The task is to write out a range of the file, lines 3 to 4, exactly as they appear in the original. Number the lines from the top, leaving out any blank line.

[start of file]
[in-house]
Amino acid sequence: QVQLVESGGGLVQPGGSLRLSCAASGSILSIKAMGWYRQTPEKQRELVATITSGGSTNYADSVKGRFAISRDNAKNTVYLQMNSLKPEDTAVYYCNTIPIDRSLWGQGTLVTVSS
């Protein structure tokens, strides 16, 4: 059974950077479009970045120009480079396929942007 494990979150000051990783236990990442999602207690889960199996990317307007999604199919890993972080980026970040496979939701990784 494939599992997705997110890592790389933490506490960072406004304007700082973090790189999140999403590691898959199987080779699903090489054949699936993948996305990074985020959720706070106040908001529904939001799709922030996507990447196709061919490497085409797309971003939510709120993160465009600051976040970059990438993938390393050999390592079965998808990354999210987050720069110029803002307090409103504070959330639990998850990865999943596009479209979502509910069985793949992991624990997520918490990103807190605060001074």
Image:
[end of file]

């Protein structure tokens, strides 16, 4: 059974950077479009970045120009480079396929942007 494990979150000051990783236990990442999602207690889960199996990317307007999604199919890993972080980026970040496979939701990784 494939599992997705997110890592790389933490506490960072406004304007700082973090790189999140999403590691898959199987080779699903090489054949699936993948996305990074985020959720706070106040908001529904939001799709922030996507990447196709061919490497085409797309971003939510709120993160465009600051976040970059990438993938390393050999390592079965998808990354999210987050720069110029803002307090409103504070959330639990998850990865999943596009479209979502509910069985793949992991624990997520918490990103807190605060001074």
Image: